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Weapons of Mass Destruction (WMD)

INTRO:   The United States is expected to announce an 
easing of sanctions against North Korea within days - 
but officials say the action is not connected to this 
week's unprecedented summit between North and South 
Korea, in which the two sides agreed to work toward 
eventual reunification.   In fact, the Clinton 
administration says the historic meeting in the North 
Korean capital will not alter U-S policy toward 
Pyongyang.   Correspondent Deborah Tate reports from 
the White House.
Text:   Administration officials say preparations are 
nearly complete for the easing of sanctions against 
North Korea, and an announcement is expected in the 
coming days.
The move is the result of a decision by President 
Clinton last September, in response to Pyongyang's 
announced moratorium on testing long-range missiles. 
U-S officials say the action has no connection to this 
week's meeting between South Korean President Kim Dae 
Jung and North Korean leader Kim Jong-Il - the first 
such summit since the Korean peninsula was divided 
more than a half century ago.
Moreover, administration officials say the Pyongyang 
meeting will not change American policy toward North 
Korea at all.
Despite the cooperation agreements it signed with 
South Korea, U-S officials believe North Korea still 
poses a threat to the region.
	            // Crowley actuality //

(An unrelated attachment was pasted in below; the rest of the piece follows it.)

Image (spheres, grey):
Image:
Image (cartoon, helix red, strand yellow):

Fifty years of tension on the Korean peninsula 
      does not evaporate based on one meeting.
	            // end act //
National Security Council spokesman P-J Crowley says, 
for example, there are no plans to alter the 
deployment of the 37-thousand U-S troops on the 
	            //  Crowley  actuality //
      The United States and South Korea have agreed 
      that for the foreseeable future, we believe the 
      U-S troop presence in the Korean peninsula is 
      important not only to security there, but also 
      as a stabilizing factor in the region.  So at 
      this point, we do not envision any change in the 
      U-S troop status.
	            // end act //
In addition, Mr. Crowley says the Pyongyang summit has 
not eased U-S concerns about a North Korean missile 
threat, and that Washington continues to move forward 
with its planning for a national missile defense 
system, or n-m-d.
	            // Crowley actuality //
      I would say that notwithstanding the historic 
      and promising nature of the meeting in 
      Pyongyang, by the same token, we will make our 
      threat assessment based on actual capabilities 
      and actions that North Korea takes.  They still 
      have a missile program.
            // end act //
The United States is seeking to amend the 1972 Anti-
Ballistic Missile Treaty to allow for the limited 
missile defense shield.   Russia vehemently opposes 
the plan, arguing it would undermine Russian defenses 
and lead to a renewed arms race.  (signed)
15-Jun-2000 16:44 PM EDT (15-Jun-2000 2044 UTC)
Source: Voice of America

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